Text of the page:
wat baray vihear, Takeo province – A senior Son Sann Party official on Monday said the party would not join an opposition coalition government that includes officials with dubious backgrounds.
Kem Sokha, the outspoken Son Sann Party secretary-general, also played heavily on anti-Vietnamese sentiment and paranoia in this southern border province he calls home.
Speaking to nearly 200 people at this Treang district pagoda, Kem Sokha said his party will oppose the inclusion of prominent former CPP member Sin Sen and “corrupt” Funcinpec officials in the cabinet if his party helps form an opposition coalition government.
“If Sam Rainsy brings communists to work with him, we will not work with him,” the National Assembly Human Rights Chairman told monks, nuns and party faithful at this wat about 60 km south of Phnom Penh.
Sin Sen was an influential CPP-appointed commander of police units until 1994, when he was accused and convicted of plotting a coup d’etat. He was pardoned and on April 16 ejected from the CPP while being stripped of his responsibilities on its internal affairs committee. On June 29, he publicly urged voters to vote for opposition politician Sam Rainsy.
Turnouts on Monday for Kem Sokha were less than expected, with fewer than 200 supporters at each of two venues. A third stop was canceled due to low turnout.
Kem Sokha blamed miscommunication with local staff, not political intimidation or a lack of support. Instead, he said he expects his party to win 15 National Assembly seats in the elections.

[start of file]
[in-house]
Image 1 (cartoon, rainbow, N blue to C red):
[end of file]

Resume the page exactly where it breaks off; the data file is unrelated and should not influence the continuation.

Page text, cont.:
Kem Sokha ruled out forming a coalition cabinet with Funcinpec members whom he believes to be corrupt. He declined to give names, but said later he was referring to certain Funcinpec members who have held top posts in the current government.
His party also will not form a coalition with the CPP if Second Prime Minister Hun Sen is its candidate for prime minister, Kem Sokha said. He said the party would consider a coalition with a CPP moderate like Interior co-Minister Sar Kheng.
At Wat Prey Thom in neighboring Koh Andet district, Kem Sokha told more than 100 listeners that his party will push for the deportation of ethnic Vietnamese.
“If we win, we will send all the yuons to Vietnam,” he said, using a common derogatory term for ethnic Vietnamese in Cambodia.
In a reference to a CPP membership drive, Kem Sokha said government “leaders” have illegally sold hard-wood logs to Vietnam and used profits to hand out food seasoning to the people.
He also said Japanese-made fertilizer sold to Vietnamese traders had been mixed with dirt, and repackaged and sold to Cambodian farmers.
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